In the 70’s a bullet was sent to kill Herman Wallace while in prison for his political activities as a Black Panther.  This was a special bullet. It wasn’t cased in metal with gun powder.  It was of a different kind. It was a bullet named solitary confinement. Like all bullets it came fast and unexpectedly. It came to silence. To stop. Its effects are the same as the other type of bullet. Silence and death. In these no one can talk.  No one can hear the rage, the resistance the love for better humanity. This bullet would stop that.

This bullet came from a gun shaped like the prison system. The prison gun with its shining cold steel, its levers and site aimed on punishment and retribution. Its intent–to silence. This gun in Louisiana was aimed directly at Herman Wallace, Albert Woodfox, Robert King, Zulu and any like them for resisting the their systems, their exploitations, their degradation and their other guns. This kind of gun is everywhere in prisons all over. Its coldness, its steel, its trigger is waiting to be pulled. To silence those who refuse.

The trigger of this gun was pulled by those who assume to hold Power. In this case the petty politicians, redundant bureaucracies and corrupt administrations all within the so called justice systems. If there was to be blood it had their fingerprints all over the gun. Remember prisons don’t kill people. People kill people. Those who held this gun have names. (more…)

Herman Wallace Dies After 41 Years In Solitary

Herman Wallace, April 2013.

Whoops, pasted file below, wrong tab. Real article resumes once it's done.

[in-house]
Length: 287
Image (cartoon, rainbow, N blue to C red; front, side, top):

Herman Wallace, April 2013.

‘Angola 3′ member Herman Wallace dies three days after being freed from 41 years of solitary

From the Huffington Post

NEW ORLEANS — NEW ORLEANS (AP) — A 71-year-old man who spent more than four decades in solitary confinement in Louisiana died Friday, less than a week after a judge freed him and granted him a new trial.

Herman Wallace’s attorneys said he died at a supporter’s home in New Orleans. Wallace had been diagnosed with terminal liver cancer and stopped receiving treatment. Wallace was held for years at the Louisiana State Penitentiary at Angola. In 2009, Wallace was moved from Angola to “closed-cell restriction” at Hunt Correctional in St. Gabriel, where he recently was taken to the prison’s hospital unit.

Jackie Sumell, a longtime supporter of Wallace, said he was surrounded by friends and family when he died. Wallace at one point told them, “I love you all,” according to Sumell. (more…)

Fighting Spirit: A Message from Herman Wallace, imprisoned black liberation warrior with failing health

herman-2-april-2013

Update, October 1st, 10 pm: Angola 3 News reports that Herman Wallace is free from solitary and from prison:

Even after Judge Jackson’s late evening ruling denying the State’s attempt at a stay and again ordering his immediate release, the State continued to stall. Once notified of the continued delay, Judge Jackson stoically refused to leave his quarters until Herman was released, and just minutes ago, Herman was driven away from the prison a free man, awake and able to revel in this miraculous turn of events. The State will likely still appeal to the 5th Circuit and attempt to have the order reversed, and may even re-indict him, but it seems that Herman, against all odds, has won.